Association for Behavior Analysis International

The Association for Behavior Analysis International® (ABAI) is a nonprofit membership organization with the mission to contribute to the well-being of society by developing, enhancing, and supporting the growth and vitality of the science of behavior analysis through research, education, and practice.


41st Annual Convention; San Antonio, TX; 2015

Event Details

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Symposium #410
CE Offered: BACB
Behaviorally Approaching and Solving Ethical Challenges
Monday, May 25, 2015
4:00 PM–4:50 PM
204A (CC)
Area: CSE/TPC; Domain: Service Delivery
Chair: David J. Cox (University of Florida)
Discussant: Joshua K. Pritchard (Florida Institute of Technology)
CE Instructor: Joshua K. Pritchard, Ph.D.

Ethical and professional guidelines for behavior analysis are stringent; applied behavior analysis (ABA) often involves the delivery of services by multiple individuals, some of whom may not be certified and have varying experience levels. Because of this, ethical concerns that arise often involve supervisees or supervisors. Just as done with the behaviors of individuals receiving ABA services, behavior analysts must take a behavioral approach to analyzing and solving ethical concerns. Behavioral contingencies surrounding behaviors related to ethical challenges must first be identified before ethical concerns can be absolved using the best possible method. Responding to unethical behaviors without first analyzing their function or without first taking a behavioral approach in its solution may be an ineffective means at evoking more desirable, ethical behaviors by practitioners. As such, this symposium will analyze variables surrounding unethical behaviors and subsequently propose behaviorally sound solutions to common ethical scenarios encountered by clinicians in the field.

Keyword(s): ethics, performance management, professionalism

Behaviorally Approaching Ethical Challenges

TIFFANY N. KILBY (The Behavior Station)

A behavioral approach should be used when analyzing ethical scenarios involving the behaviors of supervisees or supervisors, just as done with client behaviors. A behavior analyst should not focus on viewing other practitioners as "ethical" or "unethical". Instead, just as done with clients, behavior analysts should focus on particular behaviors emitted by other practitioners. With that, the scope of what characterizes behaviors as "ethical" within the realm of behavior analysis services must be explored. This presentation will also assess common ethical scenarios that arise in supervisory relationships while providing behavioral services, and how to take a behavioral approach to analyzing such ethical scenarios. Relevant topics include: identifying function, determining potential antecedents and consequences, considering response effort. Taking these behavioral approaches could help practitioners with determining more effective ways to overcome ethical challenges. This presentation will precede a presentation about potential solutions for addressing ethical scenarios based on the behavioral approach suggested in this presentation.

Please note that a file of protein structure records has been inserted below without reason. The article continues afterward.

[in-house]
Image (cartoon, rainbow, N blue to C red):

Behavioral Solutions to Ethical Challenges
KELSEY BALLEW (Progressive Behavioral Science)
Abstract: In developing solutions to unethical behaviors exhibited by colleagues, employees, supervisors, supervisees, and even bosses, behavior analysts must use knowledge from behavioral principles. Many behavior analysts, whether newly minted or experienced, struggle with the correct approach to take when they are faced with ethical concerns, especially when the concerns are presented by someone in a more prominent position. It is our responsibility as behavior analysts not only to abide by and model ethical behaviors to those with whom we work, but also to adequately absolve unethical behavior observed, and to do so in a tactful, professional manner. Using behavioral technology to facilitate ethical behaviors and decrease the occurrence of unethical behaviors can lead to more effective and ethical services provided to our consumers. This presentation will propose behaviorally oriented solutions to the ethical scenarios presented in the first talk of the symposium. Solutions proposed will be based on the analysis of contingencies surrounding the engagement in both ethical and unethical behaviors.



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